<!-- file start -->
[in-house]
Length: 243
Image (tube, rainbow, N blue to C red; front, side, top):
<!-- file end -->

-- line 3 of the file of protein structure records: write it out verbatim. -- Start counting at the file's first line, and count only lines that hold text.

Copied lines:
Image (tube, rainbow, N blue to C red; front, side, top):